Southern Right Whale Behaviour
- Author: Jeanette du Toit
- Friday, 04 April 2014
While at the surface:
- Breaching: jumping clear of the water, landing on back or side with huge splash.
- Lobtaing: beating the surface of the water repeatedly with the tail.
- Sailing:the tail is held aloft for an extended period of time much like a sail in the wind
- Spyhopping: The head is held aloft out of the water.
Hermanus is known as the land based whale capital of the world, you can see whales frolicking from the winding coastline, observe from the benches along the cliff paths.
Boat-Based Whale Watching trips in Hermanus, near Cape Town. Experience a close encounter with the gentle giants in Hermanus.
Related CategoryMarine Wildlife
Southern Right Whales are easily distinguished from the other 2 baleen whales ( Humpback & Bryde’s whales ) by three distinct characteristics: V-shaped blow, callosities on their heads and the lack of a dorsal fin on their broad backs. They visit the South African Coast from June- December.
Southern Right Whales can reach a maximum length of 15-17 meters and can weigh 50 – 60 tons. They have broad black tails and squarish flippers.
Southern Right Whale Behaviour:
Periodically a whale may thrust three-quarters or more of its body out of the water, pivot onto its side and back, and fall back with an enormous splash into the sea. This jumping technically known as “breaching”’ frequently occurs several times in succession. This behavior might be a form of communication or indication of male prowess, generally during mating. Or it might be to get rid of whale lice or perhaps the activity assists in the moulting process and maybe they do it for the pure fun of it. It is usually done in sets of between four and six. When performed by young calves, for instance, it seems that the activity is one of sheer exuberance. This is undoubtedly the most spectacular of all whale behaviour.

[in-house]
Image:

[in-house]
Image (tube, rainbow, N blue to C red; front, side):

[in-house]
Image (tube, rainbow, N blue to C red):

This term was known by the whalers as whales lift their heads and part of their bodies out of the water vertically to give them a 360 degree view of the world above the water and may be that the whale is observing its surroundings as they are most curious.
This is an activity in which the animal sticks its tail out of the water, swings it around and then slaps it onto the water’s surface causing a shower of spray. This produces a loud sound which is believed to be a means of communication between whales or a warning of rival whales, sharks, annoyance or mild threat. This may be done repeatedly over long periods.
Occasionally whales lift their tails clear of water for long periods. The tail is held aloft for an extended period of time, like a giant black butterfly. They turn their tales to get the advantage of the wind, much like a sail in the wind. This could mean catching wind to ‘sail’ through the water or a way of cooling down. Another view is that this represents a form of temperature control for the body, either through solar radiation or evaporative cooling as the blood vessels in the tail form a counter current system much like a radiator. A third option is that the whale is feeding on organisms close to the sea-floor.
When a whale raises its tail out of the water as it begins a dive.
A loud, bellowing sound that carries up to two kilometers away. Often heard during the night.
Southern Right Whale Facts:
- Type: Mammal
- Diet: Carnivore
- Size: 50 ft (15.25 m)
- Weight: 70 tons (63.5 m tons)
- Group name: Pod
- Protection status: Endangered
- Females produce calves on average once every three years.
- Southern Right calves drink almost 600 litres of milk per day while sucking.
- Southern Rights were the first of the large whales to be protected in 1935.
- Southern Rights dive to a maximum depth of about 300 meters.
- Lifespan of the Southern Right Whale is estimated between 70 - 100 years